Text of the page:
Sponsored exclusively by Apple, IFW streamed with the Apple Quicktime 4.12 codex when originally launched, and the site was reported in the Australian media as: 'The biggest thing to happen to the Australian Independent Film and Music industries since the advent of television'. And its launch marked a significant shift in how Australians viewed content.
Though a website long since lost to the dotcom collapse, and forgotten by the passages of time, IndieFilmWeb.com is a site that shall live long in the memory. For those who used it. And for those many talented film, music and web professionals who were involved in bringing it to life.
In the here and now of course, we don't think twice about watching a film or music video on the internet. But think back to the start of the millennium, to 4 YEARS BEFORE YOUTUBE EXISTED. And imagine the excitement of Australians logging into IndieFilmWeb.com and actually watching a film or music video on their computer! From the comfort of their own home, no less! It was nothing short of breathtaking. They weren't at the cinema. They weren't sitting in front of their TV in the lounge room. They were in front of their home computer, which was connected to that new and still rather shiny thing known as: 'The Internet'.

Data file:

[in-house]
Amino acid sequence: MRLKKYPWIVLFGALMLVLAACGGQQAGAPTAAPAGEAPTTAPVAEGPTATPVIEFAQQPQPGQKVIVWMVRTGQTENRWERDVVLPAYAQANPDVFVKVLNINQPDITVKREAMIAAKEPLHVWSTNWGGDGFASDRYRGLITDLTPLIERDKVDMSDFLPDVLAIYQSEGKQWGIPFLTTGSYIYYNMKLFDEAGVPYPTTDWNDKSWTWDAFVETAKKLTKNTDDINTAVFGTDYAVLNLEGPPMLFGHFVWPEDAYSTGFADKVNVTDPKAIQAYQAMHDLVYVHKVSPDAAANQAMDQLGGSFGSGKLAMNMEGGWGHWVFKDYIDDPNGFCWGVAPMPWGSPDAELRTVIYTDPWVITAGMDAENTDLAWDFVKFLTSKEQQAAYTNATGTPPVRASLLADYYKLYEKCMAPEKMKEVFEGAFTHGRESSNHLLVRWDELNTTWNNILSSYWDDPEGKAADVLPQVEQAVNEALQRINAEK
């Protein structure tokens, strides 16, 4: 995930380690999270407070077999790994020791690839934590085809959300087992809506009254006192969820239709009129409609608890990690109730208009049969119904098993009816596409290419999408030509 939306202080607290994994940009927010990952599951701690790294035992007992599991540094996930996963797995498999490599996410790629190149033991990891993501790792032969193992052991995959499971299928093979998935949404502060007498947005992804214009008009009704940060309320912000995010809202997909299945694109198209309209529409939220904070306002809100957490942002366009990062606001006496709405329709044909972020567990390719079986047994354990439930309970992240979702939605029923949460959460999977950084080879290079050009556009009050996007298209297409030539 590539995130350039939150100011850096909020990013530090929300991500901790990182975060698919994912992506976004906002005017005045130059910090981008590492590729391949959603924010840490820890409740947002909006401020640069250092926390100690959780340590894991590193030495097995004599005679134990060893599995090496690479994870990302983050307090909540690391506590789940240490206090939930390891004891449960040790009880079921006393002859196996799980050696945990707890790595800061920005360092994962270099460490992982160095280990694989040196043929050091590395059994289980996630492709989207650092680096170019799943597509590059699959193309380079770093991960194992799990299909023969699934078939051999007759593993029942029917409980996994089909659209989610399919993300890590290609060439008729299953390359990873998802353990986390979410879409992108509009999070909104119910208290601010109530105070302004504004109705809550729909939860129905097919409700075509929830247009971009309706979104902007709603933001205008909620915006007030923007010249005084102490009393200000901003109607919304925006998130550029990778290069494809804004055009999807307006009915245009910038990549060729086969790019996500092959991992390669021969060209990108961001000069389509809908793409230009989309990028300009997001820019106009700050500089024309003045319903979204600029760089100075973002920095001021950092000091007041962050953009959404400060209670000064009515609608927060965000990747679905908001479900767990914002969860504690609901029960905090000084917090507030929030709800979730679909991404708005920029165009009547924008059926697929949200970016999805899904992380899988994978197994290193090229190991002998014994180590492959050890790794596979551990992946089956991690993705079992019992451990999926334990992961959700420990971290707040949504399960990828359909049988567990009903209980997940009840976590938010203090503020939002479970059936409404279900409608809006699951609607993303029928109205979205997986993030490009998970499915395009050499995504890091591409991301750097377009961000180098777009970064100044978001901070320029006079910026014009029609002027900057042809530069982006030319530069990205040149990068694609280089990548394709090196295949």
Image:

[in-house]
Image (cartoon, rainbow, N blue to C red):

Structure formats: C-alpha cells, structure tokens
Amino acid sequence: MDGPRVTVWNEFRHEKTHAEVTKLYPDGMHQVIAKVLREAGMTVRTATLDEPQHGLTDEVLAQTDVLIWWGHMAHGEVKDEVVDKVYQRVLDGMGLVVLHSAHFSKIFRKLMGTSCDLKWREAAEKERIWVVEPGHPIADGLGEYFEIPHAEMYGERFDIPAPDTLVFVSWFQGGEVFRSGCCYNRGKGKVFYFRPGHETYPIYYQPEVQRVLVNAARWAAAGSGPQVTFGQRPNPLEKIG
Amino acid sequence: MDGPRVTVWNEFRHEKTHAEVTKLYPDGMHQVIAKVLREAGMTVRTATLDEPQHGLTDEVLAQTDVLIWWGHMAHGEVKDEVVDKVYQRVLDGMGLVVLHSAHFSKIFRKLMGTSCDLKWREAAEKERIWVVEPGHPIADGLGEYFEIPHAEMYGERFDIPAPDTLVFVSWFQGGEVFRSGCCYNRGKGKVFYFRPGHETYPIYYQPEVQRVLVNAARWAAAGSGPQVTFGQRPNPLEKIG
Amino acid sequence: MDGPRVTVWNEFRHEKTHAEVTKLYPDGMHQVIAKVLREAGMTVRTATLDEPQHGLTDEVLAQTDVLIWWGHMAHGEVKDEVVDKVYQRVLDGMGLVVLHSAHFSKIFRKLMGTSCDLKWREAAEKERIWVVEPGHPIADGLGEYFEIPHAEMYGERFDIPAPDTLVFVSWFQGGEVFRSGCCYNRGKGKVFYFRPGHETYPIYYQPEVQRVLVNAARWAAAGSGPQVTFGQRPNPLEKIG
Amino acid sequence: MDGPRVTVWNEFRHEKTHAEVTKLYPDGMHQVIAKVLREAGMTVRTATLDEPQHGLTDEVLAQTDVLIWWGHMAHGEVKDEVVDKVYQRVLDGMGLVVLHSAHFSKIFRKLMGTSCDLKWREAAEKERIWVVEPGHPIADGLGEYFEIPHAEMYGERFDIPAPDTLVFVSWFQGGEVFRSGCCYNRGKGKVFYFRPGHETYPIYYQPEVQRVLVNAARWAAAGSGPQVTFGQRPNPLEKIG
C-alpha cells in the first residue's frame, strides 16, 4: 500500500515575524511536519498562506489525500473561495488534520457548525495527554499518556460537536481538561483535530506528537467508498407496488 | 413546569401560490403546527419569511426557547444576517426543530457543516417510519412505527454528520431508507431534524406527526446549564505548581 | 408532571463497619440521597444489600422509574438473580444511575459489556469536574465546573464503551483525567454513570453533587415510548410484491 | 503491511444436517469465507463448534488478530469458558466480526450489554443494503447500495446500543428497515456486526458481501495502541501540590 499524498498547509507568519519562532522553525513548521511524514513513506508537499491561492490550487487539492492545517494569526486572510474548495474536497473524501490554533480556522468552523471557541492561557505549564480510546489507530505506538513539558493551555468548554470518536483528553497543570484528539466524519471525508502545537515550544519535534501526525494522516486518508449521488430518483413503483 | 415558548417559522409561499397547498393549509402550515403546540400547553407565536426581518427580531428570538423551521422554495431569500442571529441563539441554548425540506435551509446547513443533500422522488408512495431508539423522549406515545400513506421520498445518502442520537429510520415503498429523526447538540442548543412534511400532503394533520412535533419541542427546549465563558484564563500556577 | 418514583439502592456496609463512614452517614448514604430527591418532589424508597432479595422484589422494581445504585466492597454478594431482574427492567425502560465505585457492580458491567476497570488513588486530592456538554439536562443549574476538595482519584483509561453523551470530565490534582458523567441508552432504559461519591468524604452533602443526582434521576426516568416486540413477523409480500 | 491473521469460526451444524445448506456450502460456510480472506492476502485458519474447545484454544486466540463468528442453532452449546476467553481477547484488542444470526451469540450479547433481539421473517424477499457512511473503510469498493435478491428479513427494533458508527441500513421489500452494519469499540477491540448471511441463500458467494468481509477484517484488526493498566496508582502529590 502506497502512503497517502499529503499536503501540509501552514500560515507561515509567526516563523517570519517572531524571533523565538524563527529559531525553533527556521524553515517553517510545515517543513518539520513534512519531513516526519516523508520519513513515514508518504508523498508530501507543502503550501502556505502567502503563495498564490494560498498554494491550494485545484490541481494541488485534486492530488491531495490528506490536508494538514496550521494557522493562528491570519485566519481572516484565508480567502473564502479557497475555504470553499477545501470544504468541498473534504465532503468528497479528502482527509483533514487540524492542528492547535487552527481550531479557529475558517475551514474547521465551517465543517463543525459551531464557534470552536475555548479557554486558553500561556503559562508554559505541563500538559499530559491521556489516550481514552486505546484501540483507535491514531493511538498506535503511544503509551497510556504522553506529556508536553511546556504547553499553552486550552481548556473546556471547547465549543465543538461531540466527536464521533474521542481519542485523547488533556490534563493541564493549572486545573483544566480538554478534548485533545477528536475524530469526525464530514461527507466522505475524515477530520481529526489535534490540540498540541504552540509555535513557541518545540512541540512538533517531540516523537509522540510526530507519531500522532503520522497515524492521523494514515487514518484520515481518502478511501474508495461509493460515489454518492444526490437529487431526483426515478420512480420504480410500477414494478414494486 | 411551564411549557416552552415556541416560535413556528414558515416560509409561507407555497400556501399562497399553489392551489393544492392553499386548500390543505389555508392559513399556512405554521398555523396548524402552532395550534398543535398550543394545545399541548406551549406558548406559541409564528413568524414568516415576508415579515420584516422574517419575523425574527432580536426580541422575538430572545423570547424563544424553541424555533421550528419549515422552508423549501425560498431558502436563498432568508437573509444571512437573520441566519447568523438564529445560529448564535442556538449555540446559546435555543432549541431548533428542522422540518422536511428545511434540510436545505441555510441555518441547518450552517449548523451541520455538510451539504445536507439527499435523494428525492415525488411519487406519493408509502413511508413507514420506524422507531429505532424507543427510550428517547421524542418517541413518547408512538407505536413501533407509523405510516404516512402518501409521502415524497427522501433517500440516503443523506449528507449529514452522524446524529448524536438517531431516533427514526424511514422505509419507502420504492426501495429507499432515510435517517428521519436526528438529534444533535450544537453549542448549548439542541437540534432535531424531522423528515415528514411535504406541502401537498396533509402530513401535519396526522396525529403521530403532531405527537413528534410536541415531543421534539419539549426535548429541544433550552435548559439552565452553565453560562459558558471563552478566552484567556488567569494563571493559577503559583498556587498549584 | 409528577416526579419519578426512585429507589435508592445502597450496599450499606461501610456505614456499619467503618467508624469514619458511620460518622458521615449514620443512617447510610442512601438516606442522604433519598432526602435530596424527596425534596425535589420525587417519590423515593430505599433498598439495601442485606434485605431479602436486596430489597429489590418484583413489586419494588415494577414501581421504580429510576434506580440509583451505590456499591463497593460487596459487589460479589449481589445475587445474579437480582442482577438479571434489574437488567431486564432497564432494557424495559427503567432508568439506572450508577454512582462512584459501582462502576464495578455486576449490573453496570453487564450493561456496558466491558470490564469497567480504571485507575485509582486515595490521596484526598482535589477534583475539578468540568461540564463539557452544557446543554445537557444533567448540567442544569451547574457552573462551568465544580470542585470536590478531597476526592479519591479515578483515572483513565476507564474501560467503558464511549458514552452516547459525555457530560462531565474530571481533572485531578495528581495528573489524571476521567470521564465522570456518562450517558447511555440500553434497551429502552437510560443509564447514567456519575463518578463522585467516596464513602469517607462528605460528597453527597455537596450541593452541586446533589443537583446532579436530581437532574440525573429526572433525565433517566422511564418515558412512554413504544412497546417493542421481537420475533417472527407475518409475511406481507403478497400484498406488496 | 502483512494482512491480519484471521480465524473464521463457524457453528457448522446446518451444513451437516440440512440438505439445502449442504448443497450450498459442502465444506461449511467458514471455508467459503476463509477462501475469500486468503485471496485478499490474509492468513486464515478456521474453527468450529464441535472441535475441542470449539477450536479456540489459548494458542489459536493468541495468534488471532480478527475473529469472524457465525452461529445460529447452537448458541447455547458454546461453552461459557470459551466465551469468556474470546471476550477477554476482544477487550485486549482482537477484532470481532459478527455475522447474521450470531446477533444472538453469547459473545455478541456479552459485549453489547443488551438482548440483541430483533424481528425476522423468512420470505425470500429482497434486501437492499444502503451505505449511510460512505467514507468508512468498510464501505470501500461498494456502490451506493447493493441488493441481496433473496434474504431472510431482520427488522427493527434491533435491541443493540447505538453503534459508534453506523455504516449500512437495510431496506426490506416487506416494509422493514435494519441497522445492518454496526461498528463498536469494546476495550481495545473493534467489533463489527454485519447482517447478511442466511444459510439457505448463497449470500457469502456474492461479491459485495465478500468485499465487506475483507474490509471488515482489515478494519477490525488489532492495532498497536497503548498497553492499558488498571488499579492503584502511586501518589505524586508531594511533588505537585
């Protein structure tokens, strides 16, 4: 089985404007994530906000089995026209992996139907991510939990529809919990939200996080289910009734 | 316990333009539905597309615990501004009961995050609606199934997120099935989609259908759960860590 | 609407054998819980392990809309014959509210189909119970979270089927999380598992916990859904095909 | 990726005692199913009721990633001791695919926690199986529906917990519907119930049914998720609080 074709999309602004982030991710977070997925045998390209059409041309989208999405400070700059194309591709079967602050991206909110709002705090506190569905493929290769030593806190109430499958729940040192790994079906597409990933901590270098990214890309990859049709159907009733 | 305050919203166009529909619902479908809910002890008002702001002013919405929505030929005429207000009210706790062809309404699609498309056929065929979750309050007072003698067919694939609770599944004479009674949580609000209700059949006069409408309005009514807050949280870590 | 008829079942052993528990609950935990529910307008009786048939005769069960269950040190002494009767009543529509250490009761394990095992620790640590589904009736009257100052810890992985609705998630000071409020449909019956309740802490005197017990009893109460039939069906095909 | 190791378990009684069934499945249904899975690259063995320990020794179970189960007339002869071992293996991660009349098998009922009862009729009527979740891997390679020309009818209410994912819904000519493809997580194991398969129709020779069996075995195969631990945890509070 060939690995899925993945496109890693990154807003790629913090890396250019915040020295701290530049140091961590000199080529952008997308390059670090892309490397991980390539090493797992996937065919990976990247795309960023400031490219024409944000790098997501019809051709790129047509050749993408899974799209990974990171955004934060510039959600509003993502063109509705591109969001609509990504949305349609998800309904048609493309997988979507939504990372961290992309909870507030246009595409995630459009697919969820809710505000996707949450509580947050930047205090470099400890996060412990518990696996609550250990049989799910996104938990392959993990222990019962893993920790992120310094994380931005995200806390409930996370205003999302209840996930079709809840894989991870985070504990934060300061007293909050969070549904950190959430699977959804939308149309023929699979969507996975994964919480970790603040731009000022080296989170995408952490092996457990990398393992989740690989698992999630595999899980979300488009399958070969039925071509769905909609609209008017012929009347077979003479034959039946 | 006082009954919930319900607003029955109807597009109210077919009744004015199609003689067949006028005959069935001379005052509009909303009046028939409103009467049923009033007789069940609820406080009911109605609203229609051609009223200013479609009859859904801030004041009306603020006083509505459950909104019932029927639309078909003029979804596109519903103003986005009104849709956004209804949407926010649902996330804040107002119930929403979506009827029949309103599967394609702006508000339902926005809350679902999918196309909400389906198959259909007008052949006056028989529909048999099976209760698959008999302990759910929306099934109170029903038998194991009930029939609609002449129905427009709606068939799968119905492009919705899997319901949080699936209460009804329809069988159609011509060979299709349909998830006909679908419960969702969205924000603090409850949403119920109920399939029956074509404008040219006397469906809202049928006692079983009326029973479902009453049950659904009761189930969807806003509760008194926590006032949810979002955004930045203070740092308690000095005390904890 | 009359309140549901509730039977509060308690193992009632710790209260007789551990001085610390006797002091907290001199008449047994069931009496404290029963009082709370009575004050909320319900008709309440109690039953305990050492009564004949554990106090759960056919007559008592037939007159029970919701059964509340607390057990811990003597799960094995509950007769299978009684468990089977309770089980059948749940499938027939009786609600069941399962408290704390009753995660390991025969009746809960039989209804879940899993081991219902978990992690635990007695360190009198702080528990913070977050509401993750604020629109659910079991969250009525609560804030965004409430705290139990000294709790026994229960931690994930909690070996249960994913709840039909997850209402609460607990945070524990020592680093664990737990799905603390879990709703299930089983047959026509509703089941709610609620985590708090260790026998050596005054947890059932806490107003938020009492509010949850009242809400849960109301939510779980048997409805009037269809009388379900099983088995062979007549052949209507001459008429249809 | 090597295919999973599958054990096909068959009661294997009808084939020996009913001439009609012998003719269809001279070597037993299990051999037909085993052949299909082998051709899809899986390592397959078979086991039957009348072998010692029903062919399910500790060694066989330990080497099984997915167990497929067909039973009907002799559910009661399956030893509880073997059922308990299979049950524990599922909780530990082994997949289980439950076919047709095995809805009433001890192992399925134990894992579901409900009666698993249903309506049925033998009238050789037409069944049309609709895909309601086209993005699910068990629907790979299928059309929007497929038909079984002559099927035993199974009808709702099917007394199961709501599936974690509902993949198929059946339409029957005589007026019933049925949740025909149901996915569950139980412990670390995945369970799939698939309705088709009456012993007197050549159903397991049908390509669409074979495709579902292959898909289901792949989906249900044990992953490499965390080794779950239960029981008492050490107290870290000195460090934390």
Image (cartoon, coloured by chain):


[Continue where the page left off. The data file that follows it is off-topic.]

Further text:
When I conceived and produced IndieFilmWeb.com in 1999/2000, I did so based on an idea I had had for many years to take independent film and music distribution out of the hands of the Murdoch's of the world, and place it squarely in the hands of the filmmakers and musicians themselves. And as blasé as this all sounds to the Millennials reading about this today, in 2020. I still get goose bumps when I think of the first time I ever saw an IFW short film stream on the computer in my office back in my home in Lane Cove. When those images on my computer MOVED. Actually MOVED. It was well and truly a 'WOW!' moment. And something I will never forget.
Brian M Logan
Founder & Producer
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